Posts Tagged "nature"

Afternoon with an Unlikely Thru-Hiker

Posted by on Oct 19, 2019 in | 0 comments

Join us for an afternoon talk and signing with one of our very first The Book Garden friends! A few weeks after we officially became booksellers Derek walked into the shop, settled himself into our kitchen and began working on what would eventually become his memoir, The Unlikely Thru-Hiker. He was a fixture in the shop for months and when he moved back to NYC we missed him, and his stories about the AT, terribly. So this is much more than a book party, this is a coming home! About the book: The Unlikely Thru-Hiker is the story of how a young black man from the city, unfamiliar with both the outdoors and thru-hiking , sets off with an extremely overweight pack to conquer the infamous trail. What unfolds are lessons on preparation, humility, and nature’s wild unpredictability. But this isn’t a memoir of discouragement. What sets Lugo apart is his refusal to let any challenge squash his inner Pollyanna. Through it all, Lugo perseveres with humor, tenacity, and an unshakeable commitment to grooming―earning him the trail name “Mr. Fabulous”―that sees him from Springer Mountain in Georgia to Katahdin in Maine. ————————— What is the Appalachian Trail? The A.T. is approximately a 2184.2 mile long marked hiking trail. The trail passes through 14 states: Georgia, North Carolina, Tennessee, Virginia, West Virginia, Maryland, Pennsylvania, New Jersey, New York, Connecticut, Massachusetts, Vermont, New Hampshire, and Maine. A thru-hiker is a person attempting to hike the entire A.T. in one season. This can take about 3-7 months. The trail can also be completed in sections during a course of several years. These hikers are called section – hikers. Both types of hikers have a the ultimate goal of hiking the whole trail. … and that was all I wanted to do, but what I got was much much more....

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Riverfest Celebrates Life Along the River in Frenchtown

Posted by on Aug 25, 2017 in family, festival, In The News | 0 comments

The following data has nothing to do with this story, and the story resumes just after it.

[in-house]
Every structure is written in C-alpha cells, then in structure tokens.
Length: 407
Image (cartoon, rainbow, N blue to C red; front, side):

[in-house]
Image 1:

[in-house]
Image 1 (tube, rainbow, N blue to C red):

Frenchtown’s Riverfest will celebrate the arts on Sunday, Sept. 3, from 10 a.m. until dusk. Bridge Street will be closed to vehicular traffic, noon-6 p.m., and local musicians will perform in two venues – in the middle of Bridge Street and in Sunbeam Park beside the Delaware River. Here at The Book Garden Skye Van Saun will be at the Book Garden (28 Bridge St.) to create personalized poetry on demand and Rick Epstein, former editor of the Hunterdon County Democrat and Frenchtown’s Delaware Valley News, will conduct historical walking tours at noon, 2 and 4 p.m. No registration is needed; just meet in front of the Book Garden, 28 Bridge St. The price is $10. Mike Tyksinski, who is coordinating the event for the Frenchtown Business & Professional Association, says, “Frenchtown is always a beautiful and welcoming place, but this will be Frenchtown at its liveliest, as we showcase all sorts of creativity. Don’t miss it!” At 10:30 a giant egg at ArtYard’s Old Hatchery Building at the corner of Lott and Front Streets, former site of Kerr’s Chickeries, will crack open and performers in bird costumes will emerge. All day, visitors will be invited to make paper boats in a riverside tent. As each batch of boats is completed, Vikings in full regalia, led by Eric Fiorito, will take the boats into the river for races. A photo exhibit and contest, “Summer on the Delaware,” can be viewed in the Brokaw Photographic Studio at 34 Bridge St. The contest, sponsored by New Hope Photo and Brokaw Studio, has a $250 purse. Photos will feature Delaware River scenes that were shot this summer. John Schmidtberger of SFA Gallery has invited fellow painters to set up their easels around town and at The Spinnery (33 Race St.) yarn-dyeing using natural colors will be demonstrated, 2-5 p.m. Performers on the Bridge Street stage will include the Saddletones (country swing), the Wallace Brothers (country), bluesman Alex Wolfson, Sara’s Jazz Band, and Baby Finster (rock band). Enlivening Sunbeam Park will be Native American drumming, an Eyes of the Wild display of wild animals, Lolly Hopwood singing children’s songs, Keith and Laura Strunk reading stories for children, singer/songwriters Nate Walker, Brian Fitz and Joe Cocco, and the Folkenpunk Trio (bluegrass). The offerings of Frenchtown’s restaurants will be augmented outdoors by the Lions Club and American Legion’s grills, and the efforts of Smokerhead BBQ, the Bridge Cafe’s pop-up restaurateur Graham Miller, Pirate Cupcake of Milford, Tyler’s Water Ice and Early Bird’s lemonade stand. Vendors and exhibitors will abound, with offerings including green products; information on protecting the environment; artisanal soaps, fishing lures and knives; and paintings, photos and objets d’art. Visitors are invited to register to vote, see Native American artwork, learn about water safety, and undergo henna adornment. During Riverfest the Bridge Cafe will offer bánh mì (Vietnamese bread) sandwiches and homemade ice cream sandwiches; Freedom Art will feature the works of new local artists Jim Colliert and Ryan Brooks Leslie; Olive with a Twist will offer a sampling of 45 different balsamics and olive oils, locally made marmalades, jams, and cheeses, along with artisan breads from the Wayfare Bakers; Country Chic Boutique will hold a 70 percent-off clearance sale; and River Gypsy will discount its new autumn inventory by 15 percent. Additional parking is available at Kathee’s General Store, at Frenchtown school, in the lot at Old Frenchtown Field, and at Artie’s Bar & Grill at 1121 Route 12 (GPS address: Frenchtown). Shuttle service will be available from Artie’s. Bike-check service will be available behind the Bridge Cafe. Photo: Frenchtown Riverfest paper-boat...

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